Today I received my first performance-based evaluation. The new system has been much cause for complaint but I was willing to give it a chance. Partly because I have never doubted my ability to perform. I set my own personal objectives and they have always exceeded those set by my employers. I was concerned about the possibility of misuse of the performance-based objectives to drive analytic skills toward mundane bean-counting quotas instead of letting employees rise to brilliance. But I hoped that managers would be able to walk that fine line between abuse and leadership. I was foolish in the extreme to think that such visionary leaders existed. So today I learned that senior leadership in the office drove evaluations to meet a bell-shaped quota of performance scores. And any failure to achieve one objective was cause to drive the score lower to the point that I am in the middle at a 3.5 out 5.0 – merely “successful”. Considering that 95% of my evaluations over my career have been above average, “successful” is a slap in the face.

But what saddens me most is that I consider this  a sign that the job that I do as an innovator and change agent is not considered valuable to accomplishing agency missions (I do not consider it a personal assault on my performance). The very nature of my job is about connecting people, collaborating and sharing knowledge, steering new tradecraft and acting as a catalyst for change. And I have just been told that my work is just average despite an amazing year of making changes in attitudes happen in how multiple organizations look at the national security implications of social media.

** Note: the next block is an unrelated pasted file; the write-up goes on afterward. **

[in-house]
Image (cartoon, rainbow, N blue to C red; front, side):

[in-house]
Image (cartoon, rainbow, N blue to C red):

As if that is not bad enough, there is a move to standardize performance objectives among people who have very disparate missions. It would be like assigning the same objectives to the salesforce that you assign to the knowledge management team. Both are working toward the same goals to make the organization more effective but they do it very differently. So now I’m wondering what other organizations do to manage and evaluate their innovators and change agents. Can innovators/change agents survive in a performance-based evaluation system where objectives don’t permit agility and ability to innovate. I’d love to hear any experiences that you have had.

I have resisted leaving government like so many are doing because I feel that there needs to be internal change agents with thick skins (and maybe skulls) willing to try to break down walls regardless of how it hurts your career or other aspects of your life. Now I’m beginning to wonder at the value of trying to improve the way we do business. Should I pour out the rest of my life into an organization that cares nothing for its most precious resource – its people? Because I was not the only one being shaped by this bell-curve performance based evaluation process.  I know I won’t give up because it’s not in my nature. But I just wonder what I should do from here. Can I in good conscious continue to fight to improve an organization that fiercely resists the changes needed to transform it.

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